Please use this identifier to cite or link to this item: http://hdl.handle.net/2440/118732
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dc.contributor.authorKerschke, P.en
dc.contributor.authorHoos, H.en
dc.contributor.authorNeumann, F.en
dc.contributor.authorTrautmann, H.en
dc.date.issued2019en
dc.identifier.citationEvolutionary Computation, 2019; 27(1):3-45en
dc.identifier.issn1063-6560en
dc.identifier.issn1530-9304en
dc.identifier.urihttp://hdl.handle.net/2440/118732-
dc.description.abstractIt has long been observed that for practically any computational problem that has been intensely studied, different instances are best solved using different algorithms. This is particularly pronounced for computationally hard problems, where in most cases, no single algorithm defines the state of the art; instead, there is a set of algorithms with complementary strengths. This performance complementarity can be exploited in various ways, one of which is based on the idea of selecting, from a set of given algorithms, for each problem instance to be solved the one expected to perform best. The task of automatically selecting an algorithm from a given set is known as the per-instance algorithm selection problem and has been intensely studied over the past 15 years, leading to major improvements in the state of the art in solving a growing number of discrete combinatorial problems, including propositional satisfiability and AI planning. Per-instance algorithm selection also shows much promise for boosting performance in solving continuous and mixed discrete/continuous optimisation problems. This survey provides an overview of research in automated algorithm selection, ranging from early and seminal works to recent and promising application areas. Different from earlier work, it covers applications to discrete and continuous problems, and discusses algorithm selection in context with conceptually related approaches, such as algorithm configuration, scheduling, or portfolio selection. Since informative and cheaply computable problem instance features provide the basis for effective per-instance algorithm selection systems, we also provide an overview of such features for discrete and continuous problems. Finally, we provide perspectives on future work in the area and discuss a number of open research challenges.en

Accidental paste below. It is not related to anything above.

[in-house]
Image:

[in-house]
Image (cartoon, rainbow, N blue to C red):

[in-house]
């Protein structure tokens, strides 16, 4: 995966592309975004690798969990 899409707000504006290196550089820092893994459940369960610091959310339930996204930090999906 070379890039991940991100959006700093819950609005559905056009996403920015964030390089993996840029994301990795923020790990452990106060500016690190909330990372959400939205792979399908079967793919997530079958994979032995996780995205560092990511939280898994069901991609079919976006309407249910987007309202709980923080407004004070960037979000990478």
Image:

dc.description.statementofresponsibilityPascal Kerschke, Holger H. Hoos, Frank Neumann, Heike Trautmannen
dc.language.isoenen
dc.publisherMassachusetts Institute of Technology Pressen
dc.rights© 2018 Massachusetts Institute of Technologyen
dc.subjectAutomated algorithm selection; automated algorithm configuration; combinatorial optimisation; continuous optimisation; data streams.; exploratory landscape analysis; feature-based approaches; machine learning; metalearningen
dc.titleAutomated algorithm selection: survey and perspectivesen
dc.typeJournal articleen
dc.identifier.rmid0030105206en
dc.identifier.doi10.1162/evco_a_00242en
dc.relation.granthttp://purl.org/au-research/grants/arc/DP160102401en
dc.identifier.pubid451622-
pubs.library.collectionMathematical Sciences publicationsen
pubs.library.teamDS10en
pubs.verification-statusVerifieden
pubs.publication-statusPublisheden
dc.identifier.orcidNeumann, F. [0000-0002-2721-3618]en
Appears in Collections:Mathematical Sciences publications

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